Cleaning the Slate – Indiana’s New Expungement Law, Part Two

*If blog reading seems a little too 2007 and you prefer YouTube, then check out my recent video about Indiana’s expungement law. While you’re there, subscribe and comment!*

The previous entry detailed the mechanics of Indiana’s new expungement statute and what it means for those with criminal histories.  But what about the HR department that makes hiring decisions?  Employers need to know what they can and can’t do in hiring and promotion decisions.

Can job applicants make criminal records disappear?

Every hack stage magician learns to bring drama and pomp to a trick with a cloud of smoke and some magic words.  The magic words brings drama and officialness to pulling a rabbit out of a hat.  The law has magic words, too.

“Do you swear or affirm that you will tell the truth, the whole truth and nothing but the truth?”  Alakazam!  “We find the defendant guilty beyond a reasonable doubt” Abracadabra!

Employers have had magic words on job applications for years.  Often, these words pose the question, “Have you ever been convicted of a crime?” That question will need to change.  The new expungement law requires that businesses consider only non-expunged records.  So, the magic words will need to limit the question a bit, to “Have you ever been convicted of a crime which has not been expunged?” Open Sesame.

Discrimination on the basis of an expunged record is illegal.  An employer that refuses to hire (or promote) someone based on the person’s expunged record not only violates the new law, but opens itself up to civil litigation as well.

The tension comes in the fact that the digital age offers a wealth of information.  Expunged record requests don’t remove records from newspaper website archives or
Google history searches or any other place on the web.  Employers would do well to adopt policies prohibiting unapproved searches in advance of employment decisions.

Bad things await employers who don’t adapt to the new expungement law: civil infractions, contempt of court, and possible discrimination lawsuits await unwary employers.  It might not be getting-sawed-in-half bad, but still.


Cleaning the Slate – Indiana’s New Expungement Law, Part One

Records “expunged” under the new law are either sealed by court order or identified as expunged. Records are not destroyed.

So Indiana has a new expungement law.  It just might be a hot mess.  Not so much for you or me, but if you have a friend or relative working for a local clerk’s or sheriff’s office managing arrest or conviction records, be prepared.  Draw that person a hot bath and make sure you have some Excedrin in the house.  There are more than a few migraines in the on deck circle.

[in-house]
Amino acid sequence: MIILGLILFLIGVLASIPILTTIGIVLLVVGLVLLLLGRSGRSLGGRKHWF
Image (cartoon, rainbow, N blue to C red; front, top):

This is the first of two blog entries about the new law.  Next time I’ll examine the impact on courts and employers, but today I’ll describe the basic mechanics of the statute.

Here are 5 things you should know:

1. Expungement ≠ Destruction

Records “expunged” under the new law are either sealed by court order or identified as expunged.  Records are not destroyed.  Rest assured, once the government makes a record, it won’t give it up for good.  May your paranoia live on in all its grandeur.

2. Limit one expungement per customer (sort of).

Each individual gets one expungement request, that’s it.  One clean slate.  But the petition must be brought in the county where the conviction took place.  If the person has multiple convictions, he has to bring the request in a single petition.  If he has convictions in multiple counties, the petitions in each county must all be brought within one year, and that will be considered a single request.

stacksnew3. Discretion is limited.

For arrest records, misdemeanors, and D Felonies (the least severe rung on the felony ladder), the individual only needs to meet certain criteria called for in the statute. He doesn’t need to convince the judge that the expungement is a good idea.  If he meets the requirements, the law says the court “shall” grant enter an expungement order.  For more serious crimes, the court “may” enter such an order and for the most serious of eligible crimes, the prosecutor’s consent must be obtained, making expungements for many moderate and serious felonies a rarity.

4. Keep it clean.

It’s no surprise that an individual asking the court to expunge a record of a conviction has to have a clean record since the conviction, and must have successfully completed the entire sentence.  But it also requires that there be no active or pending driver’s license suspension–even if the suspension is not related to the conviction.  So  as Johnny Cash says, “Walk the Line.”

5. Watch for Arresting Developments

Indiana’s new expungement law also applies to arrests.  Essentially, any arrest which did not result in a conviction (or the conviction was overturned on appeal) may be expunged.  This means that it will no longer be accessible without a court order.

Frankly, even though this portion of the law is the simplest, requiring only a showing that the arrest is one year or more old and did not result in a conviction, it may be the hardest to enforce.  Law enforcement agencies make records of arrests and investigations that follow.  Except for records involving juveniles or those which are part of an ongoing investigation, these are public records.  I expect that law enforcement agencies will now have to segregate expunged records in a manner that has not previously existed, which may be painful and, in some cases, expensive.

Next time: What Expungement means for employers and the rest of us.